Today's ad comes from the April 1958 issue of Fisherman magazine. It introduces the Heddon “Dying Flutter” and “Dying Quiver.” I was aware of the existence of these two baits in 1958 because an adult, who saw my strong interest in fishing at age 14, subscribed to this magazine for me. Also a neighbor had given me his copy of the 1958 Deluxe Heddon Catalog which I devoured on many evenings, dreaming of the day when I would actually be able to afford the many “killing baits” that were offered there. I never actually saw these two baits until many years later. Growing up in rural, northwest Ohio, my only source for plugs at that time was the local hardware store where choices were pretty much limited to River Runts, Flatfish, and Creek Chub Plunkers. When I started to attend lure shows in the mid 1980s it wasn't long before I got my first look at the real items. I had read an account by an author who really sang the praises of the Dying Flutter, but had not run into anyone who had actually used one.
These two baits were fairly common at the National NFLCC Meet about 15 years ago and could be picked up for $5 or less. On the second or third day of that meet, I stopped by my friend Ken Webb's table and as we were talking, I asked him if he had ever used ether of these two baits. Ken leaned forward and in his southern drawl proceeded to tell me that he had gone fishing in the bayous of Louisiana one morning and stopped in a small, backwoods Bait & Tackle store where, on a shelf, he saw one each of these two baits in dust covered boxes. “Bill,”he said, "I bought those two baits and had both of them taken away from me by bass before the end of the day!” That was all I needed to hear. I picked up a dying quiver with the intention of using it at first opportunity. My friend Ken passed away a few years later and the bait went unused and forgotten in the bottom of my tackle box for several years.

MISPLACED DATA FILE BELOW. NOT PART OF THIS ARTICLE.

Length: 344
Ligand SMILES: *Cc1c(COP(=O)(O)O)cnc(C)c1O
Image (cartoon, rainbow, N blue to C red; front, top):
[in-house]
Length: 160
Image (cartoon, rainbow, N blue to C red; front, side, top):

I am a evening and night fisherman who likes surface plugs almost exclusively at that hour. About three years ago I was working a great spot at the end of the lake in a foot of water when I repeatedly had strikes from a nice bass who knocked my plug in the air and returned to his lair a few feet away among the lillypads. I waited a few minutes, changed baits, and the whole affair was repeated. In desperation I looked through the tackle box for something “different” --- something he had not seen before. There in the bottom of the box, partially covered by other items was the forgotten, white Dying Quiver. Remembering Ken's enthusiasm, I attached the bait to the line. Three things surprised me: how heavy the bait was and how well it cast; how it floated in a vertical position and reminded one of a bobber as it bobbed up and down: and the last surprise was the vicious attack by the heretofore cautious Bass that resulted in him being landed and released.
-- Bill Sonnett